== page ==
Aggressive water-efficiency strategies are also being implemented to reduce consumption up to 70% compared with a typical building. About two-thirds of the building's water use will be supplied by rainwater.

The roof gardens mitigate building temperature and stormwater runoff volume and incorporate low-water-use native landscaping. As much as 90,000 gallons of rainwater will be collected and stored in two cisterns, then filtered and reused for nonpotable applications, such as irrigation, toilet flushing, cooling-tower make-up and cleaning photovoltaic panels.

McCarthy is on time and within budget for substantial completion by early October, says Craig Swenson, project director. Since McCarthy was involved in preconstruction services, the project team was empowered to maintain the project's sustainability goals in addition to focusing on budget and schedule, he says.

The approximately 50% to 70% reduction in energy usage will stem primarily from the 23,000 sq ft of rooftop integrated solar arrays sized at a peak capacity of almost 500 kW. Savings calculations are based on energy data from similar labs in similar climates.

ZGF organized the building's program to reduce energy loads. "Locating the computational laboratories and other non-laboratory spaces in one wing and wet laboratories in the other optimized the mechanical system," says Ted Hyman, a ZGF partner.

He says two independent HVAC solutions were used: single-pass air with heat recovery in the wet laboratories and more-passive heating and cooling in the dry spaces, taking advantage of the mild coastal climate. John McDonald, principal of MEP design consultant Integral Group out of the firms' Oakland office, says the project "separates ventilation air from other building loads. We only supply the air needed for ventilation—thereby saving the energy needed to condition this outside air compared to a conventional building."

The high-efficiency system includes two 25,000-gallon thermal energy storage tanks that use water instead of air to move heat in and out of the building. That cuts HVAC energy consumption by 87% compared with similar laboratory buildings. "We then use a hydronic system to heat or cool the building's other loads," McDonald says. "The thermal energy that water can transfer is orders of magnitude larger than that of air, so we use less energy to move this heating and cooling media around the building."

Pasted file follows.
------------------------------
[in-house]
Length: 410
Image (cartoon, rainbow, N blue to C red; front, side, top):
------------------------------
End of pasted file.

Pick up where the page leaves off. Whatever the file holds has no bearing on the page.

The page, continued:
Active induction diffusers will reduce air changes in the labs to four during occupied times—compared with 12 or more for a typical building—and just two per hour during unoccupied times, says Lily Chiu, a ZGF associate partner.

Other energy-efficient elements include orientation and massing, such as a deep overhang on the south facade and placing the wings east-west—to minimize solar exposures—and locating the wet laboratory spaces to the south. Strategic glass placement helps filter direct sunlight in public spaces.

In non-laboratory spaces, operable windows provide natural ventilation. Further energy reductions are expected through the use of chilled beams, an exhaust-heat recovery coil and water-cooled freezers.

Electrical outlets will automatically turn off during specified times. Occupancy and daylight sensors will control the high-efficiency lighting. Occupant engagement strategies will further the net-zero goal. "A building control and management system will display real-time building performance in public areas and allow individual laboratory and office communities to monitor their energy and water consumption against historical use patterns," Palmore says.

With completion nearing, the project team is fine-tuning the net-zero systems, which will be monitored regularly and audited after one year for certification. "Balancing the final expected electrical load and consumption from the building to the electrical power generated by the PVs has been a challenge," Swenson says. "The design engineers have been continuously running the calculations and making adjustments to the quantity of the panels to ensure that net zero is maintained."